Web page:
Decline is sad news

FOR thirty-something years I have gone out in the mornings and brought the newspaper in. Recently I couldn t, so I asked a neighbour which of the shops delivered. None, he said: he couldn t remember when he last saw a paper-boy in our road. I was fortunat

FOR thirty-something years I have gone out in the mornings and brought the newspaper in. Recently I couldn't, so I asked a neighbour which of the shops delivered. None, he said: he couldn't remember when he last saw a paper-boy in our road.

I was fortunately able to arrange something, but the man's words were true. In Coronation Street they still have youngsters doing paper rounds, but elsewhere - specially in urban districts - it has been fading out for some time now.

I must confess to finding this hard to digest. Not so long ago, practically every household had a morning paper delivered (possibly supplemented by an evening one - News, Star or Standard - too). Paper rounds were a widespread means of earning regular pocket-money. I was there.

I didn't do a round, though. In the winter when I was 14 I applied to our local newsagent and was taken on; but he wanted me to work in the shop sorting and marking-up the papers for the delivery boys.


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There were seven or eight of them, and two were not boys but pensioners. We had to be on the shop's doorstep at half-past five, when the guv'nor drew the bolt. It was dark, of course. Inside, under a single light bulb, as the bundles for this and that road were made up the boys went off on bike and foot, returning in a little while for the next lot.

They carried big sack-like bags, burdensome when full. One of my school friends told me he'd hung his bag on railings while he delivered to nearby houses; came back, and found it had gone with all the papers in.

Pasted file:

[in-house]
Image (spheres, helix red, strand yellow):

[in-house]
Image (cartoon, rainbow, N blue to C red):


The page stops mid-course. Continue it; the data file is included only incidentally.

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The rounds were reckoned to be completed by about quarter to eight - time to go home, have breakfast and leave for school. How much did the newsagents pay us?

The rate, pre-decimal money, was five shillings and threepence a week: ninepence for each of the seven mornings. That was 1937; in present-day values it would be about �3.75p a morning, �26 for the week.

Delivery was free to the customers, which indicates the volume of that trade. After the war the shops started charging for it; at the same time, legislation laid down firm rules on working hours for juveniles - no more turning-out at half-past five, or half-past six either.

No more paper rounds at all now, it seems. The demand has fallen away. Part of the reason may be the decline in literacy. Between the wars there was an appetite among the whole population for almost anything in print: not so today.

But I know a number of people, certainly not lacking literacy, who don't get a daily newspaper. They pick up what is going on in the world from television, radio and the Internet (which reproduces papers' contents). Obviously it suffices for them; it isn't the same, however.

Having read something, you want straightaway to talk to somebody about it. That is what we did in the time of universal newspaper-reading; just the headlines could provide discussion and argument for half the day at work and in the streets and shops.

The paper a person read was thought to be a sure indication of his or her political views. Daily Herald meant Labour. Mail? Guardian? I know the sort you are. And besides those serious aspects the everyday stories nice and nasty as reminders that most of the people in the world were, as they remain, human.

In the changing climate of information, local papers today have extra imprtance. "Heartbeat of the community" sounds corny, but it is true.

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